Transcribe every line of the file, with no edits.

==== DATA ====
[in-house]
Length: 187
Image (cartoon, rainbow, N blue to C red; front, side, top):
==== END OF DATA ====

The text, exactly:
[in-house]
Length: 187
Image (cartoon, rainbow, N blue to C red; front, side, top):